Previous Challenge Entry (Level 4 – Masters)
Topic: ENVY (jealousy of another’s advantage) (02/12/15)
TITLE: Rosie is Red, Grass is Green
By Ann Grover
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Each day, the farmer milks me, a rich and frothy stream.
I always do my utmost to give the best and most.
(I say this, oh, so humbly, for I never like to boast.)
When at my paddock gate I stand, my troubled eyes observe,
A perplexing situation, and itâ€™s ruffling up my nerves.
For Rosie the Red Angus grazes oâ€™er the way.
Munching through the pasture, a grassy green buffet.
(Each day, I get a bucketful of dry and dusty oats.)
Then she basks in sunbeams shining on her glossy coat,
She gives no milk; she has no calf; no tricks does she bestow.
She simply eats and chews her cud from dawn to eveningâ€™s glow.
Itâ€™s making me cantankerous, watching her devour
Alfalfa blooms and juicy leaves; sheâ€™s turning my milk sour.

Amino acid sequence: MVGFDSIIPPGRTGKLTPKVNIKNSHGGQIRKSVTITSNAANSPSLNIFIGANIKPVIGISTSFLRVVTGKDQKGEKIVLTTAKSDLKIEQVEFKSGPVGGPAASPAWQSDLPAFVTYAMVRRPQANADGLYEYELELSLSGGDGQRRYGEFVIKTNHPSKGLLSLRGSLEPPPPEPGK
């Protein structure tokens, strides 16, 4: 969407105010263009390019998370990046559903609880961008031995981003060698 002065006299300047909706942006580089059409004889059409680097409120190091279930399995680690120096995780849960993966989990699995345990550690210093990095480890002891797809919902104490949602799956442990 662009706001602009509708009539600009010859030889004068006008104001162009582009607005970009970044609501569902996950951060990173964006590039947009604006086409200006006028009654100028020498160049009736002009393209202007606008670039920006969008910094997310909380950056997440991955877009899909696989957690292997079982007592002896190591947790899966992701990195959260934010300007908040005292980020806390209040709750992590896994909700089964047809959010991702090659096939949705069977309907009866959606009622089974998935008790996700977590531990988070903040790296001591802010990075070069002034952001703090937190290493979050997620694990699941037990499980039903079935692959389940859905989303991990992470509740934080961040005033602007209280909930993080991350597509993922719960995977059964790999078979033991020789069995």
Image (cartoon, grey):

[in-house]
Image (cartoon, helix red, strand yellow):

Sheâ€™s bold and saucy with the bull, just in a field over.
Flirting with him shamelessly, as she wades through hock-high clover.
For all my ruminations, I canâ€™t see why she is favoured,
Why she runs the breadth and width of over twenty acres,
While I remain imprisoned in an itty-bitty stall.
With barely room to turn around, itâ€™s enough to make me bawl.
Twice a day, the farmer comes and fondles me with squeezes,
But Rosieâ€™s left in solitude, to do just as she pleases.
I wish for once that I could dance among the greenery,
Sip water from a bubbling brook, a pleasant change of scenery.
The wind a-strumming through my horns a charming little tune,
Iâ€™d lay each night beneath the gleam of a silvery moon.
Lounge in waving grass each day and calmly chew my cud,
Midst blissful breezes perfumed with the scent of buttercups.
Itâ€™s upsetting my four stomachs, and I keep myself aloof,
Despising every glimpse of her, Her Highness-on-the-Hoof.
(Between us and the fence post, sheâ€™s getting rather plump.
A thickening of her brisket and extending to her rump.)
Iâ€™m bothered and Iâ€™m flustered. Itâ€™s unfair, to be precise.
I hope that sheâ€™s infested with ticks and flies and lice.
One day they came and took her in a trailer long and fine;
The last I saw of Rosie was her swaying broad behind.
Iâ€™m eyeing up that meadow now. Am I such a dreamer,
To fancy plusher pastures where the grass is always greener?
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